The student news site of Fenton High School

Fenton InPrint Online

Mobile app introduces the art of editing

Ellie Vasbinder, News Editor

Hang on for a minute...we're trying to find some more stories you might like.


Email This Story






One photo holds the opportunity to become something completely different. A simple photo can be turned into something eerie and dark, or bright and radiant. VSCO, a mobile app, has become a popular way to share photography, while simultaneously giving users the opportunity to become the creator of a modern way of tying photography and art together: editing. Not only has it brought a new light to photography within the app, but also outside of it. Back in 2015, more than 72 million instagram posts were captioned with the hashtag #vscocam, and since has grown each year. The app has increased the trend of the newfound art of editing and continues to do so with teenagers and adults alike.

“I think there’s an art to the editing because it’s pretty much whatever you want it to be,” sophomore Brianna Cox said. “If you like a certain filter you can edit it how you like. Each filter makes a different tone, you can heighten the brightness to make it happy, or lower it to make it darker.”

PHOTO Brianna Cox

VSCO is set with multiple given filters and options to buy or download different ones. As well as these filters you can adjust brightness, contrast, tinting and several other selective editing options. Many people use these features to alter their photos. Some find the app as more of outlet to post to, rather than to edit.

“I actually don’t use VSCO editing, I use lightroom, which is a different app,” junior Ethan Riley said. “I put those photos onto VSCO, I don’t actually edit them there. I know a lot of people that do though. I really just upload them onto there because I like photography and I want to share it. It’s a little bit like my own portfolio.”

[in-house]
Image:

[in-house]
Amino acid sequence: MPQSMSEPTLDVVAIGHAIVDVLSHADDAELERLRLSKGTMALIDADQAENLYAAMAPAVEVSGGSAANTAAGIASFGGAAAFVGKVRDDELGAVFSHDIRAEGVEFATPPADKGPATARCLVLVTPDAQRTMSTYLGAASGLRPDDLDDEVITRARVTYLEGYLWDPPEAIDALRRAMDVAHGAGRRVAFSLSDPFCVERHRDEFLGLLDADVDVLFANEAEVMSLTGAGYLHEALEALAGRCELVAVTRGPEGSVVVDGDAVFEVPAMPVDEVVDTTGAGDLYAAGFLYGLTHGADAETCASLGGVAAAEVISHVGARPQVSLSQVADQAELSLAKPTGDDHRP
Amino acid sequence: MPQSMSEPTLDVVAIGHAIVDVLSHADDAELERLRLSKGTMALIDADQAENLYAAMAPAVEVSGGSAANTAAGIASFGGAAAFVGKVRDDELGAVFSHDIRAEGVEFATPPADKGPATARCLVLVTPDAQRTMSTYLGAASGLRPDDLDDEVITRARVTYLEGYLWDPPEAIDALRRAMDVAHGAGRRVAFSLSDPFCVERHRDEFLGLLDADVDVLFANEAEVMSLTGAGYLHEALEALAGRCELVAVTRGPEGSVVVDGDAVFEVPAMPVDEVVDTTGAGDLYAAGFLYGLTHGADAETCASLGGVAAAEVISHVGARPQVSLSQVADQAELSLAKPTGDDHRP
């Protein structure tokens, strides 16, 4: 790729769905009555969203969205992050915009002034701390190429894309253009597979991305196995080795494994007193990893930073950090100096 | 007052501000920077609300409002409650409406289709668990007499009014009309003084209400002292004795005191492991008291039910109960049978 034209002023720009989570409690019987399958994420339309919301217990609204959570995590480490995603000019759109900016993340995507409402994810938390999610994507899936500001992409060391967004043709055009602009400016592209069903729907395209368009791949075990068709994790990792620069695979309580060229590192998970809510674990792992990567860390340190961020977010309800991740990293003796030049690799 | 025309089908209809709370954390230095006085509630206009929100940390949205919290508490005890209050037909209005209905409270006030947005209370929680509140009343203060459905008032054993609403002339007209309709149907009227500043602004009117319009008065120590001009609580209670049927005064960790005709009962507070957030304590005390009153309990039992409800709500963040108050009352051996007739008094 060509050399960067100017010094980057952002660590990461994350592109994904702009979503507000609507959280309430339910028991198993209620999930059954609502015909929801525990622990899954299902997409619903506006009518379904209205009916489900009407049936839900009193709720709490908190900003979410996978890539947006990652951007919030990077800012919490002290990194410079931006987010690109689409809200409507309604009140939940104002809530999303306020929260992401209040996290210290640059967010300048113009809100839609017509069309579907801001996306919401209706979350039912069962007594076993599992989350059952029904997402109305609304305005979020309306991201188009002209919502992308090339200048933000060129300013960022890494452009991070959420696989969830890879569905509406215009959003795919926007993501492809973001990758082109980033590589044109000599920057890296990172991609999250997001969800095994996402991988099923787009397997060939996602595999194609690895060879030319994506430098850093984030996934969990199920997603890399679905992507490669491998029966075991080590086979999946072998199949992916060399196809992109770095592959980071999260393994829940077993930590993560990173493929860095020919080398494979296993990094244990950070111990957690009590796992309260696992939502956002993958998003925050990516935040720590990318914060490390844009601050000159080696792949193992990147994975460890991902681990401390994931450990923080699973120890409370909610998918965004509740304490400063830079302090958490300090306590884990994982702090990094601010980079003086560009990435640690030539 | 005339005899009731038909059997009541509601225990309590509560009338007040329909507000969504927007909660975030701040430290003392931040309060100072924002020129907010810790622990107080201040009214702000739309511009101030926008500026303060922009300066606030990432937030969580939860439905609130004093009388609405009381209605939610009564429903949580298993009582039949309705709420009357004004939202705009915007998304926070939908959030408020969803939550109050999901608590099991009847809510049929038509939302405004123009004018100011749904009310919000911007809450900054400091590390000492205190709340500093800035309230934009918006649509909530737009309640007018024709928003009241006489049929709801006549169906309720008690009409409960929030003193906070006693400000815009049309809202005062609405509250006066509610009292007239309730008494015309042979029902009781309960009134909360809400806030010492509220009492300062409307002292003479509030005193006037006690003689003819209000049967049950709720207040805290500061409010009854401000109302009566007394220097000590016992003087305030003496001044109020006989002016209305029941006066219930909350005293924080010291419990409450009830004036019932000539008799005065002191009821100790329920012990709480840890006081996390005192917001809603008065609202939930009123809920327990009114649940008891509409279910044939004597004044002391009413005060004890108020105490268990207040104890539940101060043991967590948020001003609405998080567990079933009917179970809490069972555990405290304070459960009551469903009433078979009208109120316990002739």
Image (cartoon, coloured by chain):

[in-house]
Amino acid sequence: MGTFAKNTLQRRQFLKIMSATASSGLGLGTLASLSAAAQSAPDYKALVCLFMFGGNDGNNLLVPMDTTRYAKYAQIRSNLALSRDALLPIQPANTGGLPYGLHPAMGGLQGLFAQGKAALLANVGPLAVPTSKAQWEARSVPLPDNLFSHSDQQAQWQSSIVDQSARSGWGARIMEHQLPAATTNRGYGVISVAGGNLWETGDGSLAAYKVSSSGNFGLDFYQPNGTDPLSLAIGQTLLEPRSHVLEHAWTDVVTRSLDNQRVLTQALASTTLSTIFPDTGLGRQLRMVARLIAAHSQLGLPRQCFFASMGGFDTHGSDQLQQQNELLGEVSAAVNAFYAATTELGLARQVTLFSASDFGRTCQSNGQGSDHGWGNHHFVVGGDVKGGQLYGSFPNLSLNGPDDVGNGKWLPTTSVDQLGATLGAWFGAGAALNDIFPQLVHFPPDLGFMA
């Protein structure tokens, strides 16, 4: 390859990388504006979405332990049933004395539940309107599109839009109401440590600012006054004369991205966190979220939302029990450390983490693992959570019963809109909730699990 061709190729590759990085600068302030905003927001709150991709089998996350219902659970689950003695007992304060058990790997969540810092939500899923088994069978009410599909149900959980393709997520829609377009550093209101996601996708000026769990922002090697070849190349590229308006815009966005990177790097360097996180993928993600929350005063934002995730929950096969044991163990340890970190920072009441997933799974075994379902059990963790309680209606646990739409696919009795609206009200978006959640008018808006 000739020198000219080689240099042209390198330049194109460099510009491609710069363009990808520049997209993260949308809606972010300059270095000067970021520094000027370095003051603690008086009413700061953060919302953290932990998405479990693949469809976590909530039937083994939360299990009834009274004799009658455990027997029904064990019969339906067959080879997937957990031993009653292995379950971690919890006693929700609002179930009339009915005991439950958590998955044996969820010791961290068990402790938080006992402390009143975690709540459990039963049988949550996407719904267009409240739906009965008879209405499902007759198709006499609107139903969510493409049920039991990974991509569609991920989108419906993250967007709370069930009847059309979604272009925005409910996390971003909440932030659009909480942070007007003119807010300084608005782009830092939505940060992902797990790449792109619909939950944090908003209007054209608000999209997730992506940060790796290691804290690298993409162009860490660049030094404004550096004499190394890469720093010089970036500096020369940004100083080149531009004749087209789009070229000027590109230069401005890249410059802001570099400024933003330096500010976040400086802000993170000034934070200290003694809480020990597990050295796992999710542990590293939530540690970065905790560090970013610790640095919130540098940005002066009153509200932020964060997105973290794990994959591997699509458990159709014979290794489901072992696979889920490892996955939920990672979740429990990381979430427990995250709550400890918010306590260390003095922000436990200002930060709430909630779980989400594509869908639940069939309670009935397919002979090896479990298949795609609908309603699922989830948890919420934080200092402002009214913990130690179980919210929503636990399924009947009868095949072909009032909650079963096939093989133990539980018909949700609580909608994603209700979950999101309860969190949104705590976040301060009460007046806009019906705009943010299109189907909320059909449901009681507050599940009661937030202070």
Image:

PHOTO Ethan Riley

Although not everyone uses to the app to edit, most use it as a place to share their work and discover other artists as well. There are one of two things you can do when you see a photo you like: you can repost it to your profile or simply favorite it. If you enjoy a person’s whole profile you can follow them, similar to other social media apps.

“I feel like everyone gets a reaction when they see a really good photo that’s been edited,” junior Erica Hering said. “It just absorbs people. Some of the filters can bring out a different part of the photo that you wouldn’t see just looking at it when it’s first taken. I feel like it enhances the photo entirely and can change the photo.”

PHOTO Erica Hering

VSCO can be used to make a statement, share art, find art, or just as a personal portfolio. However it is used, the app can make the art of editing into something bigger and more connected.

Print Friendly, PDF & Email

Leave a Comment